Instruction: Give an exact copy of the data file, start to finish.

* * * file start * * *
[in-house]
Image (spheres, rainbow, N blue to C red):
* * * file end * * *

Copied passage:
[in-house]
Image (spheres, rainbow, N blue to C red):